There is a column in today’s New York Times by David Brooks on the demise of The Weekly Standard
that demands a response. The neo-conservative magazine closed for
several reasons, among them being the decision by its editor in chief,
Stephen Hayes, to increase the staff by a third at a time of declining
sales (the magazine lost 7,000 subscriptions, or a decline of 10
percent, in the last two years). Hayes took this risk with the blessings
of the magazine’s primary benefactor, Philip Anschutz.
For Brooks, Anschutz is the problem, not his friends at the magazine who ran the shop. Whether he is right or not is not my concern. My concern is how Brooks frames his argument.
Brooks calls Anschutz “a professing Christian [who] decided to close the magazine at the height of the Christmas season, and so cause maximum pain to his former employees and their families.”
Brooks’ ability to read the heart and mind of Anschutz is quite
something, but it is not nearly as astounding as his Christian-baiting
remark. He could have simply slammed Anschutz for making a crass
decision, but no, that was not good enough: He had to call him out for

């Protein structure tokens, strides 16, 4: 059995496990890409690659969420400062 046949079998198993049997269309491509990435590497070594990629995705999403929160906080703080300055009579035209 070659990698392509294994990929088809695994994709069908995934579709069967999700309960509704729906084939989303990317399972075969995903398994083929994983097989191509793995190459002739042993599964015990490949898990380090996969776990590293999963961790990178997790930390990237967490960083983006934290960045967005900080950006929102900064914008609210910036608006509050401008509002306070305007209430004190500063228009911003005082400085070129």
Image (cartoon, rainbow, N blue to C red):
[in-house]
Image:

being “a professing Christian” who stuck it to employees and their
families at “the height of the Christmas season.”
Brooks writes for a newspaper that smells anti-Semitism whenever George Soros is criticized.
On October 30, a front-page news story said that “The baseless claims that George Soros is financing the migrants as they trek north, which carry a strong whiff of anti-Semitism, have been one of the most consistent themes of commentary on the caravan from the right.”
On November 1, a front-page news story said that those who call Soros a “globalist” and a “left-wing radical” are guilty of employing “barely coded anti-Semitism.”
If the New York Times were as sensitive to Christian-baiting as it is anti-Semitism, it would have edited Brooks’ column. Is Brooks a bigot? No. But he crossed the line in this instance.